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Autoimmune Hepatitis - Types, Cause, Diagnosis, and Treatment

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Autoimmune hepatitis occurs when the body’s defense system attacks the liver leading to inflammation of its cells. To know more, read the article.

Written by

Dr. Akanksha

Medically reviewed by

Dr. Ghulam Fareed

Published At September 28, 2022
Reviewed AtFebruary 2, 2023

Introduction:

The body’s defense system or immune system works against any kind of germs, for example, pathogens, bacteria, or viruses that enter the body and attack it in order to protect healthy cells from getting infected. But when this immune system starts attacking the normal cells instead of attacking germs, it leads to an autoimmune disorder. There are multiple types of autoimmune diseases. They can affect one single organ or multiple organs at one time. When liver cells are infected cells, it is called autoimmune hepatitis.

What Is Autoimmune Hepatitis?

Autoimmune hepatitis is a disorder of the liver, which is situated on the right side of the abdominal cavity, wherein one’s own immune system attacks the cells. It is a non-communicable disease and lasts for a longer period. It needs to be checked and kept under observation for life. Women are at a major risk of getting infected more than men. It is a hereditary disorder that runs over generations. It is usually associated with other autoimmune diseases like rheumatoid arthritis, celiac disease, or type 1 diabetes. It leads to inflammation of liver cells, which might lead to a condition called cirrhosis (healthy liver cells replaced by scarred liver cells), leading to permanent damage to the liver and increasing the chances of liver transplant or death. Having said that, the exact cause of autoimmune hepatitis is not clearly known.

What Are the Types of Autoimmune Hepatitis?

  • Type 1 (Classic Type) - It is usually found in adulthood.

  • Type 2 - Found in early years of age. It happens to be more critical and tough to control.

What Are the Signs and Symptoms of Autoimmune Hepatitis?

The signs and symptoms might be different for different people. Some might not even witness any symptoms. The common sign and symptoms are:-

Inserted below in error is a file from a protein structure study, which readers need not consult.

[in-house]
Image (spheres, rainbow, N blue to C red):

• Exhaustion (fatigue).

  • Pricking and itchy skin (pruritus).

  • Yellow skin and whites of eyes (jaundice).

  • To feel sick in the stomach (nausea).

  • Abdominal pain.

  • Rashes.

  • Absence of menstruation in women.

  • Pain in joints.

  • Increased size of liver (hepatomegaly).

  • Increased size of spleen (splenomegaly).

What Is the Cause of Autoimmune Hepatitis?

The accurate cause of this disorder is unrecognized as of now. Since it is an autoimmune disease, somehow, something activates the defense mechanism of the body to think that the liver cells are harmful and attacks them, leading to inflammation of the liver cells and damage to the liver. Medicines like Statins or antibiotics such as Minocycline, stress, and viral infections like hepatitis, herpes, and measles can trigger the immune system. Some believe that it might be caused due to interaction of genes. People with weak immune systems are more vulnerable to the disease.

How to Diagnose Autoimmune Hepatitis?

The diagnosis of autoimmune hepatitis is pretty complex and requires multiple steps to rule out other reasons for liver damage.

  1. Case History - When a person visits a doctor after noticing the symptoms, the doctor will ask for some information like any medical condition that he or she is already suffering from, stress history, alcohol drinking habit, and its frequency. The doctor would ask the patient to go for a physical examination and complete a blood test and liver biopsy.